Dosage reductions
For less severe neutropenia or other cytopenias a reduction in the total daily dose should be considered. Cell

counts usually normalise within 3 to 7 days after discontinuing the medicine or decreasing the dose. As
evidence of marrow recovery becomes apparent gradual increases in dose, with careful monitoring of white
blood cell counts, may be appropriate.
Patients with severe leucopenia, neutropenia, anaemia, thrombocytopenia and pancytopenia
Severe leucopenia, neutropenia, anaemia, thrombocytopenia, pancytopenia, bone marrow depression and
aplastic anaemia have been observed in patients treated with Ganciclovir. Therapy should not be initiated if
the absolute neutrophil count is less than 500 cells/L, or the platelet count is less than 25000/L, or the
haemoglobin level is less than 8 g/dL.
Ganciclovir should be used with caution in patients with pre-existing haematological cytopenia or a history
of drug-related haematological cytopenia and in patients receiving radiotherapy.
If there is a significant deterioration of blood cell counts during therapy with Ganciclovir, treatment with
haematopoetic growth factors and/or dose interruption should be considered.
Method of administration
Ganciclovir is a powder for solution for intravenous infusion. For directions on the preparation of the
infusion solution, see Instructions for use/handling, and disposal.
Ganciclovir must only be given by intravenous infusion, preferably via a plastic cannula, into a vein with
adequate blood flow.
Caution - do not administer by rapid or bolus i.v. injection! The toxicity of Ganciclovir may be increased as a
result of excessive plasma levels.
Caution - i.m. or s.c. injection may result in severe tissue irritation due to the high pH (~11) of ganciclovir
The recommended dosage, frequency, or infusion rates should not be exceeded.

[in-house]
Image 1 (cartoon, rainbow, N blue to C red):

Instructions for use/handling and disposal
Caution should be exercised in the handling of Ganciclovir.
Since Ganciclovir is considered a potential teratogen and carcinogen in humans, caution should be exercised
in its handling. Avoid inhalation or direct contact of the powder contained in the vials or direct contact of the
reconstituted solution with the skin or mucous membranes. Ganciclovir solutions are alkaline (pH
approximately 11). If such contact occurs, wash thoroughly with soap and water, rinse eyes thoroughly with
sterile water, or plain water if sterile water is unavailable.
Method of Preparation of Ganciclovir solution
Each 10 mL clear glass vial contains the equivalent of 500 mg ganciclovir.
1. Lyophilized Ganciclovir should be reconstituted by injecting 10 ml of sterile Water for Injections into the
vial. Do not use bacteriostatic water for injection containing parabens (para-hydroxybenzoates), since
these are incompatible with Ganciclovir sterile powder and may cause precipitation.
2. The vial should be shaken to dissolve the drug.
3. Reconstituted solution should be inspected for particulate matter prior to proceeding with the admixture
Preparation for infusion.
4. Reconstituted solution in the vial is stable at 25°C for 12 hours. It should not be
Preparation and administration of infusion solution


Based on patient weight and therapeutic indications the appropriate calculated dose volume should be
removed from the Ganciclovir vial (concentration 50 mg/ml) and added to an acceptable infusion fluid
(typically 100 mL) for a one-hour infusion. Normal saline, dextrose 5% in water, Ringer's or lactated Ringer's
solution are determined chemically or physically compatible with Ganciclovir.
Infusion concentrations greater than 10 mg/ml are not recommended.
Ganciclovir should not be mixed with other i.v. products.
Do not administer as a rapid iv or bolus injection, as the toxicity of the product can be increased by
excessive plasma concentrations.
Do not inject intramuscularly or subcutaneously, as severe tissue lesions may occur due to the high pH of
ganciclovir solutions (approximately 11).
Because Ganciclovir is reconstituted with nonbacteriostatic sterile water, the infusion solution should be
used within maximum of 24 hours of dilution when stored at 2 - 8°C in order to reduce the risk of bacterial
The infusion solution should be refrigerated. Freezing is not recommended.
Any unused product or waste material should be disposed of in accordance with local requirements.


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Source: Medicines and Healthcare Products Regulatory Agency

Disclaimer: Every effort has been made to ensure that the information provided here is accurate, up-to-date and complete, but no guarantee is made to that effect. Drug information contained herein may be time sensitive. This information has been compiled for use by healthcare practitioners and consumers in the United States. The absence of a warning for a given drug or combination thereof in no way should be construed to indicate that the drug or combination is safe, effective or appropriate for any given patient. If you have questions about the substances you are taking, check with your doctor, nurse or pharmacist.